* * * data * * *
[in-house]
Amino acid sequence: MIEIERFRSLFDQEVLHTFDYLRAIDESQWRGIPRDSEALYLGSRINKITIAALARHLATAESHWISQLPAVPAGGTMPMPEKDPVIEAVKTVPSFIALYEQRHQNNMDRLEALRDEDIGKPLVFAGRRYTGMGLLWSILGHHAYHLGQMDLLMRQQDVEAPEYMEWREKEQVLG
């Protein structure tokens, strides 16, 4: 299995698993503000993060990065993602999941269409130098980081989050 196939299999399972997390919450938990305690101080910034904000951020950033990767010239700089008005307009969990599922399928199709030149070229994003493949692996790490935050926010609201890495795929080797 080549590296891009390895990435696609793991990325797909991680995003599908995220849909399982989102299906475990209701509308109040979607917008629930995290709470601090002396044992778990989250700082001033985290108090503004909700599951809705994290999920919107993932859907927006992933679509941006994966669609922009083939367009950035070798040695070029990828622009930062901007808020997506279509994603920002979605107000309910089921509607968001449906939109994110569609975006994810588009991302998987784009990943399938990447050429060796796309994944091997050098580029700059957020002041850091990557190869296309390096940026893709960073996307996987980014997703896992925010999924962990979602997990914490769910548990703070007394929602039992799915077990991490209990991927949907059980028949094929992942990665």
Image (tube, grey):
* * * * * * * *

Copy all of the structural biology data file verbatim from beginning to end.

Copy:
[in-house]
Amino acid sequence: MIEIERFRSLFDQEVLHTFDYLRAIDESQWRGIPRDSEALYLGSRINKITIAALARHLATAESHWISQLPAVPAGGTMPMPEKDPVIEAVKTVPSFIALYEQRHQNNMDRLEALRDEDIGKPLVFAGRRYTGMGLLWSILGHHAYHLGQMDLLMRQQDVEAPEYMEWREKEQVLG
């Protein structure tokens, strides 16, 4: 299995698993503000993060990065993602999941269409130098980081989050 196939299999399972997390919450938990305690101080910034904000951020950033990767010239700089008005307009969990599922399928199709030149070229994003493949692996790490935050926010609201890495795929080797 080549590296891009390895990435696609793991990325797909991680995003599908995220849909399982989102299906475990209701509308109040979607917008629930995290709470601090002396044992778990989250700082001033985290108090503004909700599951809705994290999920919107993932859907927006992933679509941006994966669609922009083939367009950035070798040695070029990828622009930062901007808020997506279509994603920002979605107000309910089921509607968001449906939109994110569609975006994810588009991302998987784009990943399938990447050429060796796309994944091997050098580029700059957020002041850091990557190869296309390096940026893709960073996307996987980014997703896992925010999924962990979602997990914490769910548990703070007394929602039992799915077990991490209990991927949907059980028949094929992942990665």
Image (tube, grey):